February 4, 2019 10:49 am
It should be no surprise to anyone that 50 – 70 million Americans don’t get the restorative sleep they need. Just note the number of advertisements for mattresses, pillows, and mattress toppers we see everyday that all promise to deliver the perfect night’s sleep.
Quantity vs Quality of Sleep
Most adults between the age of 18 – 60 should get 7.5 – 9 hours of sleep per night. Sleeping too much can be just as detrimental as sleeping too little, and both can cause negative consequences.
If someone regularly sleeps for 9 hours a night, but wakes up multiple times, they are not getting the quality of deep sleep needed for optimal health. Doctors agree that those who suffer from sleep apnea and stop breathing for a few seconds many times during the night are among some of the most likely candidates to experience heart complications.
In short, the duration or quantity of sleep is less important than the quality.
The Value of Sleep
If you are among those who “burn the candle at both ends”, it can be hard to find the down time needed to relax and sleep well. Our busy schedules often prevent us from unwinding, but we still need to be aware of how much better we can function during the day after getting the recommended hours of sleep each night.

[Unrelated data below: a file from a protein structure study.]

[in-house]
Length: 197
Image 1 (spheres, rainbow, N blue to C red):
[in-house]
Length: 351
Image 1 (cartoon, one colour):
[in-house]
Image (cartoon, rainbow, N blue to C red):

Sleep, or the lack thereof, affects our performance, our mood, and overall health. Stress can affect everything, including our sleep. Do we find ourselves not sleeping because of the stress in our lives, or are we stressed because we are not sleeping well or enough? Whatever the answer, each person needs to find ways to improve their sleep quality and duration.
Recent Clinical Studies
Scientists have known for some time that sleep affects our health and cognitive functions, but it is becoming increasingly clear that it affects other specific aspects of our health.
We have been aware that not getting proper sleep leads to low productivity and depleted energy levels, increases the risk of high blood pressure and diabetes, and can lead to a weakened immune system. Getting too much sleep is also directly related to obesity, especially in women.
The newest study conducted by a university in Madrid, Spain, and Tufts University in Massachusetts has found a like between the quality of our sleep and increased plaque build up in our arteries. This condition is known as atherosclerosis and is a serious cardiovascular condition.
You can read about the full findings in the Journal of the American College of Cardiology.
Treating and preventing cardiovascular disease includes maintaining a healthy balance between physical activity, diet, medications, and now sleep. Knowing that your heart health is affected by sleep should encourage us all to find ways to improve the quality and duration of the sleep we get each night.
Speak to Magnolia Regional Health Center at (662) 293-1000 on how you can improve your own sleep patterns in order to also improve your heart health.
This post was written by Magnolia Regional Health Center